Sunday, 19 January 2014

Sherlock Season 3: A fan laments

Bollywood hardly makes masala films anymore. By masala, I don’t mean the films starring Salman Khan or Akshay Kumar, based on scripts originally written in the South that make astronomical amounts of money. I mean the masala films that are theoretically the pinnacle of entertainment forms. These have everything in just the right proportions-intrigue, action, humour, romance, films that can make you both laugh and cry within its three-hour runtime. The last Hindi film that did that for me was 3 Idiots (even though admittedly it was short of any action). The last and only television show that managed the same (and more) was Sherlock.
What did the show not have?

  • A charismatic hero? Check. (It had two).
  • Friendship, camaraderie and humour? Check.
  • A strong emotional core lined with familial conflict, love and sacrifice? Check.
  • Suspense, action? Check.
  • Romance? (Hmmm…I am going to say yes.)
  • A terrifying villain? Check.
  • Loved ones to be saved from the clutches of the villain? Check.
  • Unbelievable, twisted plots? Check.
In fact, with the intensely clever writing added to the mix, Sherlock was the greatest masala film that Bollywood never made.

What went wrong with this season then? For starters, it just wasn't that clever. More frustatingly, and at the risk of taking a metaphor too far, the writers got the proportioning of the ingredients wrong. I have seen bloggers elsewhere blaming the online fandom for this. But it’s really not the fandom at fault, as much as the writers’ willingness to tailor things to please the fans. Who I think got misread. Every review (or fan-girly blogpost) I read (or wrote) about the first two seasons talked positively about the titular character, the chemistry between the two male leads, the canonical references and the witty dialogue. The reason that that the actual plot may not have got adequate columnspace was that it was taken for granted. What is after all, Sherlock Holmes without an interesting case?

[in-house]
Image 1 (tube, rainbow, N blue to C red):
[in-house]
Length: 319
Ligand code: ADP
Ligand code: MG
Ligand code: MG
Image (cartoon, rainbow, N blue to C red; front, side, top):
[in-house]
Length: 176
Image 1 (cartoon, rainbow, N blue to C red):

Character development is of course important, but is no excuse for the mess the Sign of Three was. Character development does not require love to be explicitly professed periodically. The primary reason I loved the John-Sherlock friendship earlier was that so much of it was unsaid. You didn’t have to have John telling Sherlock that he was the “best and wisest man” he knew to his face. The trust he reposed during Reichenbach Fall was enough to tell the fans (and Sherlock) that this was true. Sherlock did not have to say he loved John for us to know that. His suicide “note” was proof enough. The fact that he had traveled to that point where he was ready to die to protect his friends, from the time he could hurt a dying man without flinching, was character development. Season three was not about character development. It was about showing us how Sherlock was just a big cuddly teddy bear (with the exception of his betrayal of Janine in the Last Vow, which was slightly redeeming).

PS: Lest you think I completely hated everything, here's a non-exhaustive list of things I did like:

  • Billy (!)
  • The mind palace when Mary shot Sherlock
  • Mary shooting Sherlock (though this was really not used as effectively, as it could have been)
  • The Elephant in the Room
  • "I am a high-functioning sociopath. With your number"
  • The female fan-club member's interpretation of how Sherlock faked his death
  • Tom
  • "Everybody's a critic"
  • "I am not lonely"                                                                                                                                -"How would you know?"
  • Most importantly, once a Cumberbitch, always a Cumberbitch.

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